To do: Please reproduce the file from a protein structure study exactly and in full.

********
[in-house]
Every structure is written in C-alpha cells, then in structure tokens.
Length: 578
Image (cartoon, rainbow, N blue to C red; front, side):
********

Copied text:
[in-house]
Every structure is written in C-alpha cells, then in structure tokens.
Length: 578
Image (cartoon, rainbow, N blue to C red; front, side):